There’s something really safe and reassuring about the saying ‘same old, same old’. And while we may live in volatile times, there’s no end in sight for our love of buying, or, in the case of most young Londoners, attempting to buy, property.
A man’s home is quite clearly his castle, and mortgage brokers have long been a central part of our house-buying experience, with over 70% of all mortgages now sold through brokers. And although digital mortgage brokers like Habito and Mojo are shaking up the market, brokers are set to be a key part of the market for some time. But what really drives your mortgage broker? Is it whether you’re getting the best deal and quickest turnaround, or whether they’re getting the highest fees?
Mortgage brokers typically charge an upfront fee and also receive a fee directly from a lender for placing business with them. This fee, called a procuration fee, or ‘proc fee’, is typically between 0.3% and 0.6% of the value of a mortgage. Therefore, placing a half-a-million-pound mortgage with a mortgage lender offering a 0.4% proc fee could well mean a £2,000 bonus for the broker – a pretty tasty amount.
For equity release or lifetime mortgages, procuration fees tend to be just north of 2%. Little wonder, then, that lifetime lending is a particularly fast growing area.
As mortgage lenders offer varying procuration fees, there’s long been a question around what really motivates brokers. Are they genuinely looking to get the best deals for their clients? Or do they want to send everyone to the lenders who pay the biggest fees?
This was examined in the Mortgage Lender Benchmark, which found that, overall, there’s no correlation between a happy broker and the procuration fee on offer. In fact, those lenders offering the very highest fees are often average or below average performers when it comes to broker satisfaction.
This research also found that Digital Mortgages (Atom Bank’s mortgage offering) was viewed by brokers as the speediest lender on the market (pipping Halifax for intermediaries to the top spot). The highest rated large building society was Coventry Building Society. Barclays and Metro Bank both performed poorly.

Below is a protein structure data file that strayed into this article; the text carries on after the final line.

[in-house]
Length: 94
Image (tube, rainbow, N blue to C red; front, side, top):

The good news is that brokers, on the whole, appear to view the client as king. They understand that if the client is unhappy, they may well look for another broker to help them secure a mortgage. For most brokers, the risk of losing the next piece of business isn’t worth just aiming for the highest fees.
For consumers, the bigger question is around trust. When making the (likely) biggest purchase of our lives, which brokers can we rely on to put our needs before their bank balance?
Brokers that keep their eye on the customer could well command more trust and loyalty in an industry that continues to evolve. Any that succumb to the temptation to place business with poorer performing lenders (who may be offering higher procuration fees) risk damaging the industry for years.
And for any brokers who think this is academic: take a read of this review left by a customer for one specialist mortgage lender in the last few days:
‘Avoid, avoid, avoid! They pay high commissions to brokers to push them to clients.’
It’s no doubt the case that most mortgage applicants won’t know the ins-and-outs of procuration fees, but the suspicion often remains that some brokers are motivated by a lender’s bounty, and not by the needs of their clients. These relationships can’t end well.
Mike Fotis is the founder of Smart Money People and a former financial services management consultant.